This was not a typical girls' night out: Sure, it was Friday and there was mingling, there were wraps, and — of course — there was wine. But Stacy Berkowitz, 51, of Smithtown had her hand stuck inside a toilet tank. Fortunately, it was empty.
At “The Women’s Workshops,” the night out involves hands-on learning of what organizer Barbara Pesce calls a “honey-do” task — something women traditionally might have relied on a boyfriend, husband or handyman to do.
On a recent evening at the Bethpage Police Athletic League, women were learning to repair a running toilet, including how to purchase, remove and replace the fill valve and flapper. “This is how I fix the toilet,” joked Berkowitz, who is single and owns a gift basket business. She pulled her cellphone out of her pocket. “Make a call.”
“Not anymore, Stacy,” Pesce retorted.
FIX IT YOURSELF
Pesce, 50, a divorced bookkeeper, launched The Women’s Workshops after she bought her own fixer-upper home in Levittown about two years ago. She started a Facebook page to describe the minor repairs she was tackling herself, and there was so much feedback from women friends who wanted to learn basic skills that she thought she could start a business. At the first bimonthly workshop in August, women learned how to spackle a hole in a wall. On Dec. 6, the topic will tentatively deal with a to-be-determined automotive skill.
Pesce charges $75 per three-hour workshop, and she hires a professional to teach it. The fee includes the refreshments and each woman receives her own relevant tools to bring home — at the toilet workshop, it was slip joint pliers and a screwdriver.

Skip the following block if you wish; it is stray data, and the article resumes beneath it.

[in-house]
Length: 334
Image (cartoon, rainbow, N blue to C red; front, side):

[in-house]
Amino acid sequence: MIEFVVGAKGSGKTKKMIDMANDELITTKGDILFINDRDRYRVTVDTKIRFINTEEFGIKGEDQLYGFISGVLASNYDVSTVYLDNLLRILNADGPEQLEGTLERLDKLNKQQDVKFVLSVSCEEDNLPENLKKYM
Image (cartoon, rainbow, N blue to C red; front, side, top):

After the women schmoozed and dined for about an hour, the heart of the workshop began.
“Today we’re going to be talking about toilet bowls,” said Joseph Henry, a plumbing technician from the Seaford-based Universe Home Services, who handed each woman an “Anatomy of a Toilet” diagram to keep. “Why spend $200 for something you can get at the hardware store for 15 bucks and do yourself?”
Henry led the women through a hands-on demonstration; each taking a turn on the sample toilet tanks he brought with him.
When Danielle Masseus, 48, of Jamaica, Queens, screwed a nut on upside-down, Henry gently corrected her. Masseus, a self-employed administrator, said she signed up for the workshop after she saw it advertised on a Facebook page. “It was really different, so I wanted to try it,” she said. Having done paint-and-sip girls night out, she was ready for an educational version.
“It was very informative. I learned a lot, and I’m ready to practice when I get home,” Masseus said later.
At the first Women's Workshop a woman attends, she receives a charm bracelet, and at the completion of each workshop she receives a relevant charm. This time, it was a miniature wrench. “We’re doing manly things, but we have to have jewelry,” joked Pesce.
“It reminds me of the Girl Scout badges, but the grown-up version of it,” Berkowitz said of earning her second charm (she also attended the spackling workshop in August). “I think it’s great.”